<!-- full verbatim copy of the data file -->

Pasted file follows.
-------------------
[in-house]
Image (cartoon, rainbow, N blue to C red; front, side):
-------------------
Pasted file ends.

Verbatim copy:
[in-house]
Image (cartoon, rainbow, N blue to C red; front, side):